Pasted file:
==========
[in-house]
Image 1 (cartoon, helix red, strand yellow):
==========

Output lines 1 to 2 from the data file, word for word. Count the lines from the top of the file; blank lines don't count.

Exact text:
[in-house]
Image 1 (cartoon, helix red, strand yellow):